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The Opium Monopoly




FROM time to time, certain people in England apparently have qualms as to Great Britain's opium traffic, and from time to time questions are raised as to whether or not such traffic is morally defensible. In February, 1909, apparently in answer to such scruples and questionings on the part of a few, a very interesting report was published, "Proceedings of the Commission appointed to Enquire into Matters Relating to the Use of Opium in the Straits Settlements and the Federated Malay States. Presented to both Houses of Parliament by Command of His Majesty." This document may be found in the New York Public Library and is well worth careful perusal.

This Commission consisted of about a dozen men, some English, some natives of the Straits Settlements. They apparently made an intensive and exhaustive study of the subject, carefully examining it from every angle. Countless witnesses appeared before them, giving testimony as to the effects of opium upon the individual. This testimony is interesting, in that it is of a contradictory nature, some witnesses saying that moderate opium indulgence is nothing worse than indulgence in alcoholic beverages, and like alcohol, only pernicious if taken to excess. Other witnesses seemed to think that it was most harmful. The Commission made careful reports as to the manner of licensing houses for smoking, the system of licensing opium farms, etc., and other technical details connected with this extensive Government traffic. Finally, the question of revenue was considered, and while the harmfulness of opium smoking was a matter of divided opinion, when it came to revenue there was no division of opinion at all. As a means of raising revenue, the traffic was certainly justifiable. It was proven that about fifty per cent of the revenues of the Straits Settlements and the Federated Malay States came from the opium trade, and, as was naively pointed out, to hazard the prosperity of the Colony by lopping off half its revenues, was an unthinkable proceeding.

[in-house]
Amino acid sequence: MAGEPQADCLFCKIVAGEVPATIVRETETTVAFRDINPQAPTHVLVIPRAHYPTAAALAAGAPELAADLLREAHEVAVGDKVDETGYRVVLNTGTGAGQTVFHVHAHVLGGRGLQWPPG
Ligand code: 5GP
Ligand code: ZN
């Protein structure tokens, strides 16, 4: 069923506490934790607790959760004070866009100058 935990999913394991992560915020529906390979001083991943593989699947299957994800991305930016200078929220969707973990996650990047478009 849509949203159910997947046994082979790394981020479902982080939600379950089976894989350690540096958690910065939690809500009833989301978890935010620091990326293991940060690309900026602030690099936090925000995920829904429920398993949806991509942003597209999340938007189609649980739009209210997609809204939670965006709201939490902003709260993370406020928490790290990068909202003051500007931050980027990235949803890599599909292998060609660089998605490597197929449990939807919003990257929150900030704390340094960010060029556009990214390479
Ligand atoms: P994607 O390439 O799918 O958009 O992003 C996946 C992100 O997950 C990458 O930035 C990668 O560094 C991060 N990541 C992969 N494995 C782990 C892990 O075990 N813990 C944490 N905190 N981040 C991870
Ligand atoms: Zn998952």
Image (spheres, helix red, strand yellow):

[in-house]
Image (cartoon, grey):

The figures given are as follows.

1898. Revenue derived from 0pium....45.9 percent

1899 44.8

1900 43.3

1901 53.2

1902 48.3

1903 47.1

1904 59.1

1905 46.

1906 53.3

There was one dissenting voice as to the conclusions reached by this Opium Commission, that of a Bishop who presented a minority report. But what are moral scruples against cold facts that there's money in the opium trade?

This Commission made its report in 1909. But the opium business is apparently still flourishing in the Straits Settlements. Thus we read in the official Blue Book for 1917, "Colony of the Straits Settlements " that of the total revenue for the year, $18,672,104, that $9,182,000 came from opium. What per cent is that?

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